A US district judge denied former US President Donald Trump’s subpoena for “missing materials.” Trump’s Motion for Pretrial Rule 17(c) Subpoena requested seven non-party individuals which included records from the House Select Committee to Investigate the January 6 Attack on the United States Capitol. Trump was seeking to subpoena Representative Bennie Thompson, chairman of the January 6 committee, White House counsel Richard Sauber and others in connection with the January 6 investigation. Here, the judge found Trump’s claim of missing materials to be an overly broad and vague request on Monday, comparing it to a “fishing expedition.”
Rule 17(c) is a 3-prong test that requires a request to be relevant, admissible and specific. The federal judge here did not find Trump to meet these burdens, noting that the documents sought were from “broad categories of documents.” The legal standard that governs Trump’s subpoena is the Federal Rule of Criminal Procedure 17(c), which states courts “may direct that books, papers, documents or objects designated in the subpoena be produced before the court at a time prior to the trial.” While this rule was meant to speed up the discovery process, it was not meant “to provide a means of discovery for criminal cases.” Here the federal judge applied this rule in denying Trump’s motion as a “fishing expedition”, stating:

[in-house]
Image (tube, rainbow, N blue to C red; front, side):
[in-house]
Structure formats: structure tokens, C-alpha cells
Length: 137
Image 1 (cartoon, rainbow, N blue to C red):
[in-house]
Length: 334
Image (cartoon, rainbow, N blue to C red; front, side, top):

Accordingly, Rule 17(c) subpoenas are not appropriate where the moving party seeks materials ‘procurable reasonably in advance of trial by exercise of due diligence,’ or operate ‘as a general ‘fishing expedition’…Courts must be careful that rule 17(c) is not turned into a broad discovery device, thereby undercutting the strict limitation of discovery in criminal cases found in Fed. R. Crim. P. 16.
This comes after Trump was indicted in August on various 2020 election interference charges.